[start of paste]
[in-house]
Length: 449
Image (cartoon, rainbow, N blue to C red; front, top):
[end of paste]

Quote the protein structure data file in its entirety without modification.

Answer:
[in-house]
Length: 449
Image (cartoon, rainbow, N blue to C red; front, top):